It is now 15 years since that sudden departure. Nora has created a successful life for herself—she is now a popular pseudonymous writer of novels for women—but has returned to her former residence because she has recently discovered that Torvald never filed for divorce. (A man could do this easily in the 19th century, but a woman could not.) The hard won autonomy of her new life is at risk, so she needs his help. During her visit she engages with Torvald as well as the family’s nanny Ann-Marie and her daughter Emma.
Writing sequels to another writer’s work is hard, and few of them come off with the needed parity and dignity. Hnath isn’t trying to match the shocking power of Ibsen’s legendary play, but he does want to bring these issues more closely into a 21st century setting. Hnath successfully creates an essential tension between Ibsen’s 19th century Norway and our au courant attitudes and ideas. While all four characters are dressed in period costumes, their language and cadence is unabashedly contemporary. (The mild-mannered Ann-Marie gets to spew some impassioned and well deserved “fuck you’s” at Nora in Hnath’s telling.) The set is also a blend of both periods, with 19th century artifacts staged in a minimalistic, contemporary manner.
This is a play about ideas, and there is a lot of talking. (As a simple but effective theatrical gesture to support this verbally-focused format, the stage chairs are moved as the arguments unfold—placed close together and then set apart, facing the audience and then swinging inward.) Hnath is evenhanded in allowing each of the four characters to articulate ideas that are pertinent to their place and point of view. In this telling Ann-Marie’s experience is just as valid as her employer’s, and all the characters have complexity, with strengths as well as weaknesses. The topics explored during this 90 minute performance are the perennially complex ones: the role of women, the role of men, the nature of marriage, the need for personal expression, the specter of financial survival, raising children and who does it, personal accountability, self-deception, honesty, the nature of freedom, forgiveness, how problems are solved.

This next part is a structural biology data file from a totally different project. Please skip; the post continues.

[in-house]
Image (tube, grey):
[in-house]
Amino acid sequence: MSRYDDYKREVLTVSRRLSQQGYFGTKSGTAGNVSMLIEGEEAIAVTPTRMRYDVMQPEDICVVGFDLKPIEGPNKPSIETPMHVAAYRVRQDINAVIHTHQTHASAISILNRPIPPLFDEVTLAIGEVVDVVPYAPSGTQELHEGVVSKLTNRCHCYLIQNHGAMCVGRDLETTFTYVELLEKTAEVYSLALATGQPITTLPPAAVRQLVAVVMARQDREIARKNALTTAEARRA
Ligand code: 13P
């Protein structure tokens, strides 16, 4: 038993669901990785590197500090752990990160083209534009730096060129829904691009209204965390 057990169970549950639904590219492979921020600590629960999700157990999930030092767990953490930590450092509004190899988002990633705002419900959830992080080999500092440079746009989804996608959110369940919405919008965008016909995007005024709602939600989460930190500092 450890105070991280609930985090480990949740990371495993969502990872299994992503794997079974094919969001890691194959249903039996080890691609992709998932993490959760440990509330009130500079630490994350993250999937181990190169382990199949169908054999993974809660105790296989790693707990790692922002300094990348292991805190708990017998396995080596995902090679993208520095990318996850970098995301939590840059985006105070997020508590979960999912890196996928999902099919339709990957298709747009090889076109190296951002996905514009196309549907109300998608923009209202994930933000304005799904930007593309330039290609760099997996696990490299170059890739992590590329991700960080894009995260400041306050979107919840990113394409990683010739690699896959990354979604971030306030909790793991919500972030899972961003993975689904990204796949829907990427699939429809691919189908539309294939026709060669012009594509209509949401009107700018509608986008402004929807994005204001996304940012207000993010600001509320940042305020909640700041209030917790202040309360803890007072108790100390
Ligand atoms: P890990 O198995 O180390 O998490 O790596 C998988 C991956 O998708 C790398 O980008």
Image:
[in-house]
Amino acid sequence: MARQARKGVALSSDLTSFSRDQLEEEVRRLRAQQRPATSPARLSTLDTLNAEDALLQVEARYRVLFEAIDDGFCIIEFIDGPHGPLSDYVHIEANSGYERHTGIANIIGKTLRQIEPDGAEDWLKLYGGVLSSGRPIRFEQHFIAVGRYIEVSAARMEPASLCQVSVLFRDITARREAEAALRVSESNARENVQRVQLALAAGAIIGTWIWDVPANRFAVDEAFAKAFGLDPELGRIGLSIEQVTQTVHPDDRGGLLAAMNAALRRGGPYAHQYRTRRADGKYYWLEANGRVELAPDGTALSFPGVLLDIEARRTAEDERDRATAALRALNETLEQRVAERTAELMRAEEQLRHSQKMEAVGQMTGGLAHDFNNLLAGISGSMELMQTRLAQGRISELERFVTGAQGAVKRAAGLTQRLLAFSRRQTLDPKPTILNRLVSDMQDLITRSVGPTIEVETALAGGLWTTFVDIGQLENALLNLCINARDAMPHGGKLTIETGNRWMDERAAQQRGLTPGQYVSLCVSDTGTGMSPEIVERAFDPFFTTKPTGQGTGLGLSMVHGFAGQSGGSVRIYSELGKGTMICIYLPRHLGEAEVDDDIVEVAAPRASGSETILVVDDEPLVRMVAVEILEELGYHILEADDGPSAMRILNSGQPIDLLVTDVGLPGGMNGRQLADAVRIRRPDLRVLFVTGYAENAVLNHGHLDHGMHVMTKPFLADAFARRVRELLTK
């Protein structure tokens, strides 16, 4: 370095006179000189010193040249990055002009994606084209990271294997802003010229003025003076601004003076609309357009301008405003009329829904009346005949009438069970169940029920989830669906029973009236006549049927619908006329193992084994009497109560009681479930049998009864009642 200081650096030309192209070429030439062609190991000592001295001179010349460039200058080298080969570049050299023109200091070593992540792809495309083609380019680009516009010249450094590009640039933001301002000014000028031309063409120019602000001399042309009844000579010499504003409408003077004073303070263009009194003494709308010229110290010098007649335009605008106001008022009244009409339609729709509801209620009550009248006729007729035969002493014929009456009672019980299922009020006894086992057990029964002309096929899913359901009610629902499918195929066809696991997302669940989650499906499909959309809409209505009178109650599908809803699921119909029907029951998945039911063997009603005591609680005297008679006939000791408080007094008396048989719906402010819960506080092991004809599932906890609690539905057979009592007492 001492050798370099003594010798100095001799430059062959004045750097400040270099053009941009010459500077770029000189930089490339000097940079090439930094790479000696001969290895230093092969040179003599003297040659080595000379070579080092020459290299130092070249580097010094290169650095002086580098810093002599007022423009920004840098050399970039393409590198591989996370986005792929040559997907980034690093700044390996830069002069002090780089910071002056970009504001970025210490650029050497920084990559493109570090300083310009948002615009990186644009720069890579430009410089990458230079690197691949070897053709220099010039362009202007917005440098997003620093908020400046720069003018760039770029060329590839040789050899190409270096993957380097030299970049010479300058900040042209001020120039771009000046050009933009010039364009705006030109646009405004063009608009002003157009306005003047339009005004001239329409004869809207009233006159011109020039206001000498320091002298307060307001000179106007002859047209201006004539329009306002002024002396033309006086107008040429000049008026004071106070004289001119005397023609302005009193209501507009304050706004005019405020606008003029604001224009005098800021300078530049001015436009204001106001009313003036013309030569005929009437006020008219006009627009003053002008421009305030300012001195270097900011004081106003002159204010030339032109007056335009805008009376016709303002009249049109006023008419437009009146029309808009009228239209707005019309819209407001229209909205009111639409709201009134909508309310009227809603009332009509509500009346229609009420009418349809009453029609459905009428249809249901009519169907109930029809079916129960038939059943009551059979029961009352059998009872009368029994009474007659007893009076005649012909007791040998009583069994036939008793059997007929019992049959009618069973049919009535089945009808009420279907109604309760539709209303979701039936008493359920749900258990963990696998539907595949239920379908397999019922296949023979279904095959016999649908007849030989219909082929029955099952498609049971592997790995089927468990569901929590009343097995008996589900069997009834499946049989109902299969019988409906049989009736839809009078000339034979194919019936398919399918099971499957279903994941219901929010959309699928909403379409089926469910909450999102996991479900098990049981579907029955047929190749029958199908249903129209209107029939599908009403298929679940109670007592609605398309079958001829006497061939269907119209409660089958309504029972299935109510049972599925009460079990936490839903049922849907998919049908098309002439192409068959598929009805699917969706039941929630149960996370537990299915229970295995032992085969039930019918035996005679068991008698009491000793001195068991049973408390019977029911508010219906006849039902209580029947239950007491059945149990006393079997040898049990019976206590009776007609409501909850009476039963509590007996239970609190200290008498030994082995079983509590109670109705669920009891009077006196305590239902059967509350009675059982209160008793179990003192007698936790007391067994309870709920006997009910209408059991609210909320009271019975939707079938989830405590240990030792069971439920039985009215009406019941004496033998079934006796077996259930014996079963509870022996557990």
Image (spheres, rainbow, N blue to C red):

Nora is impassioned in sharing her hope that she will live to see women claim the freedoms that men already have. Given that A Doll’s House was first produced in 1879, Nora is making this idealistic plea in 1894. Nora, we hear you. But don’t hold your breath. For those of us sitting in the audience in 2019, this is another “bad and better” moment.
The play is very well written, provocative and compelling. The Huntington Theatre Company’s production is professional, tightly performed and memorable. Two thumbs up.
A Dolls’s House, Part 2 (Photo: Huntington Theatre Company)
A Doll’s House, Part 2
Huntington Avenue Theatre
Written by Lucas Hnath
Directed by Les Waters
Through February 3